Retina International Youth Conference Sparks Hope

Retina International proudly conducted the second annual Virtual Youth Conference on August 12th and 13th, 2021 via Zoom. The theme of the conference centered around hope for the future. The event was organised by the Retina International Youth Council, a special interest group representing young adults and parents of minors affected by retinal degenerative conditions.

Day 1 began with a welcome from Marina Sutter, the Interim Chair of the Retina International Youth Council. Marina talked about the mental, physical, social, and spiritual barriers that the visually impaired community face, the structure of the organisation, and how and why one might get involved.

 

Genetic Testing

Then we heard from Michelle Glaze, Associate Director of Professional Outreach for the Foundation Fighting Blindness, on the importance of genetic testing. She discussed how genetic testing can help determine the chance of a child inheriting a retinal disease, as well as determine if one is eligible to participate in clinical trials. We also heard from Kari Branham, Director of Ophthalmic Genetic Counselling for the University of Michigan’s Kellogg Eye Centre, who discussed the step-by-step process of genetic testing and the role of a genetic counselor.

Our Youth Council member in Canada, Shaini Saravanamuthu, as well as Russia’s patient advocate Kirill Baybarin, gave different perspectives—their personal experiences with genetic testing, and the importance of maintaining hope throughout the process. On addressing why she got genetic testing done, Saravanamuthu discussed how it helps clinicians and scientists understand conditions and develop possible treatments. She told the audience, “we never know what our results may help discover,” emphasising the sentiment of hope for the future.

Access and Enablement

After a short break, the Access and Enablement session began. Doug Goist, Program Manager of Workforce Development at NSITE, talked about the importance of technology in aiding independence. He showed participants some interesting apps and gadgets for the visually impaired, such as WayAround tags, a tag-and-scan system that connects to one’s smartphone to help store information about household items. He also mentioned the PenFriend 2, another audio labelling device, and OrCam MyEye, a small device that attaches to one’s glasses and can take photos of documents and locations, then read or speak the text into one’s ear. Goist also mentioned two free apps, Be My Eyes, a crowdsourcing app which connects with volunteers across the world who help people with low vision navigate and identify things, as well as a Microsoft app called Seeing AI, which helps read documents and describe one’s surroundings.

Dr. Karen Wolffe, owner of Career Counselling & Consultation, LLC in Austin Texas, spoke next. She shared information about Project Aspiro, a hugely helpful resource developed by the World Blind Union for people beginning their career search. Wolffe’s overarching advice for approaching transitions in life was to “begin with the end in sight.” She suggested defining your goals and then meeting the people and taking the steps that will bring you closer to that goal. “It’s always to your advantage to have more people… on your team,” Wolffe said. She encouraged reaching out to your networks, allaying employers’ fears and hesitations with clear communication, finding mentors to support you, and more.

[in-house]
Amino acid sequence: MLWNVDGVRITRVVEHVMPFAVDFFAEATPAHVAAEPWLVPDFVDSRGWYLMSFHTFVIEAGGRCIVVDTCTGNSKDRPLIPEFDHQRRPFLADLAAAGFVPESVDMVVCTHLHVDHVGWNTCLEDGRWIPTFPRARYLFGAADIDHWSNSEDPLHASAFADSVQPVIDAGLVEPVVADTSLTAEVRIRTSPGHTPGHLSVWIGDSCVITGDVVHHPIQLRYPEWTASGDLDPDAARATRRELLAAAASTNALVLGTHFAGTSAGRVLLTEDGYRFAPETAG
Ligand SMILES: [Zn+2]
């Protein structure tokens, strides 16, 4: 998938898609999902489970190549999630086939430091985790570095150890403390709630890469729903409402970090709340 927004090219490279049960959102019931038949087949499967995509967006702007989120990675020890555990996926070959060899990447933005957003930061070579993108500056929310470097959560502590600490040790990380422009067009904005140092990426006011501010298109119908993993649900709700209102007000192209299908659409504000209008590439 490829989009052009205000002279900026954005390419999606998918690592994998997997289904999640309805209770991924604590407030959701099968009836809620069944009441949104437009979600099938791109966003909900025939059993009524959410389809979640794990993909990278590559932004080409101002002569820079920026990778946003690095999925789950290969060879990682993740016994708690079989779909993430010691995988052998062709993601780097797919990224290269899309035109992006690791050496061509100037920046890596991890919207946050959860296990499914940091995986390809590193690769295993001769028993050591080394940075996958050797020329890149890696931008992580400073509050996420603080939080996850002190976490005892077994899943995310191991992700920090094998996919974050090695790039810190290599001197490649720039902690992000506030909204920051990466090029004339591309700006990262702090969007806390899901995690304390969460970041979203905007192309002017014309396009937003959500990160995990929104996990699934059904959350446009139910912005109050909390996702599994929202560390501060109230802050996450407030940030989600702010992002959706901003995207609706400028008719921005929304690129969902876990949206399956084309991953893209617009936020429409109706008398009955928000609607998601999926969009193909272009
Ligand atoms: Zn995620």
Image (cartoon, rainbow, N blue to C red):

Finally, Dr. Kirk Adams, President and CEO of the American Foundation for the Blind (AFB), shared his personal experience as a blind job seeker and offered advice for those beginning their careers. He discussed the importance of having high expectations for yourself, and a high “internal locus of control.” He also talked about gaining experience by taking on responsibilities in volunteer organisations and job positions as soon as you can.

Personal Interest

The second day of the conference, on August 13th, began with four interactive break-out rooms revolving around different areas of personal interest: dating, career, family and parenting, and mental health. Participants joined the rooms of their choosing to have in-depth and open conversations with their peers and the leaders of the Youth Council.

Research and Innovation

The last part of the conference was the much-awaited Research and Innovation session. Ben Shaberman, Senior Director of Scientific Outreach at the Foundation Fighting Blindness, gave a thorough presentation on emerging therapies for retinal degenerative diseases that are in, or approaching, clinical trials. The discussion included reviews of studies for gene therapies, stem-cell treatments, and optogenetic approaches. Then we heard from a panel of young researchers around the globe: Meltem Kutluer, Laura Whelan, Dr. Emilia Zin, Oswaldo Perez, and Dr. Gavin Arno. The researchers shared what projects they’re working on, how they found themselves in the field of Retinal Disease, and the importance of involving patients in research. “It’s important to recognise the patients are the centre of all this,” Dr. Arno said on remembering the purpose behind research.

 

The conference was developed as a means for people to learn, network, ask questions, and join a community. Over 100 people registered for the event around the globe and others followed the livestream on the Retina International YouTube channel. We look forward now to the next Retina International Youth Conference, set to take place during the Retina International World Congress, scheduled for June 2022 in Iceland.

 

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